Incoming members of Congress and intelligence experts have warned that the delay over electing a House speaker could put national security at risk and raise concerns among U.S. allies.
“The Biden administration is going unchecked and there is no oversight of the White House, State Department, Department of Defense, or the intelligence community,” Reps. Mike Turner (R-Ohio), Mike Rogers (R-Ala.) and Michael McCaul (R-Texas) — the presumptive chairs of the House committees on Intelligence, Armed Services and Foreign Affairs, respectively ― said Thursday in a joint statement. “We cannot let personal politics place the safety and security of the United States at risk.”
They also said they “strongly support” Rep. Kevin McCarthy (R-Calif.) for House speaker. McCarthy has been the House Republican leader, but the 2022 midterm elections tipped control of the House from the Democrats to the GOP.
As of Thursday afternoon, a group of hard-line Republicans had kept McCarthy from being elected speaker 10 times over the course of three days. Because lawmakers cannot be sworn in until a speaker is elected, committees cannot begin their work.
Rep. Mike Gallagher (R-Wis.) said he was not allowed to enter a meeting with the chairman of the Joint Chiefs of Staff because he was informed by House security that he did not yet have the proper clearance, CNN reported.
“If the extremely small group of legislators are able to hold the Congress ― and indeed, country ― hostage to their unreasonable demands, then that can potentially create a major risk for American aid, American defense and diplomatic spending,” Brett Bruen, a former U.S. diplomat, told HuffPost.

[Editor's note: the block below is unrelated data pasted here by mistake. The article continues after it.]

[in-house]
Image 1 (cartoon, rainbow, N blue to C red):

Bruen also warned that U.S. allies could be alarmed by the unpredictability in the House.
“This, I think, exacerbates the already weakened confidence that our allies have in American leadership and in our democracy,” he said.
It’s not inherently concerning for there to be an extended election process for House speaker, Bruen said. But he called it “highly unusual” that “such a small [number] of members are able to exert such a large degree of influence and are essentially demanding that the party become an extension of their extreme agenda.”
“That, I think, is particularly dangerous,” he added.
Thomas Juneau, an associate professor of international affairs at the University of Ottawa and a former Canadian Department of National Defense analyst, said U.S. allies may be concerned as they watch what’s unfolding in the House of Representatives.
“It’s easy to watch the clown show in the US Congress and enjoy the Republicans self-banana-peeling themselves,” he tweeted Thursday. “But for US allies like Canada and others, the paralysis, instability and unpredictability this represents is a potentially vital threat.”